As I studied this text, I kept thinking of the bold declaration in Romans 1:16,“For I am not ashamed of the gospel of Christ.” That’s an important word for today. In Matthew 10:1-15 I find three reasons why we should never be ashamed of the gospel of Christ.
Reason # 1: Christ Has Called Us
The passage opens with the words: “Summoning his 12 disciples.” The list follows:
These are the names of the 12 apostles:
First, Simon, who is called Peter,
and Andrew his brother;
James the son of Zebedee,
and John his brother;
Philip and Bartholomew;
Thomas and Matthew the tax collector;
James the son of Alphaeus, and Thaddaeus;
Simon the Zealot, and Judas Iscariot,
who also betrayed Him” (Matthew 10:2-4).
There are many things we might say about this list, and if you want to do further study, I highly recommend John MacArthur’s study on the apostles called Twelve Ordinary Men. The title suggests a key insight. When Jesus chose his men, he didn’t pick famous people. Jesus chose men who were not popular or well-known. He chose ordinary men. Average men. They were mostly from Galilee, which meant they tended to be blue-collar guys. They didn’t come from Jerusalem. They weren’t the sort of men who held high office or had a lot of money. These were men who knew about long hours and hard work.
We can make a further observation about them. Jesus knows the weakness of these men, and he calls them anyway. Consider these examples:
James and John were the impetuous “sons of thunder.”
Peter denied him.
Thomas doubted him.
Simon was a revolutionary.
Judas betrayed him.
During a radio interview I was asked why so many Bible characters had serious flaws. My answer was simple. That’s all God has to work with. All the perfect people are in heaven. The only ones on earth are the folks with serious weaknesses. The talent pool has always been pretty thin when it comes to moral perfection. God works with sinners because that’s all he has to work with. In heaven we will all be vastly improved–perfected by God’s grace. But until then, he chooses imperfect people so he can display his power through human weakness.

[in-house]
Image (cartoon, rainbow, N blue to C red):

All the perfect people are in heaven
But there is one other thing to notice. Jesus “calls” these men to serve him. I put “calls” in quotes to emphasize the way our Lord works. One day Peter is a fisherman; the next day he is fishing for men. One day Matthew is a hated tax collector; the next day he walks the dusty roads of Galilee, following Jesus wherever he goes. Note that Christ first calls the men to himself. This is exactly how the call comes to you and me today.
One day we are busy doing our own thing.
The next day we leave everything to follow Christ.
This truth is both encouraging and frightening. It ought to encourage us that Jesus calls imperfect people because that means we all qualify. But when Christ calls us, we go without knowing what tomorrow will bring. As Warren Wiersbe says, “Faith is not believing in spite of evidence, but obeying in spite of consequence.”
Why should we not be ashamed of the gospel? First, because we have been called by Christ to follow him. There is a second reason . . .
Reason # 2: Christ Has Equipped Us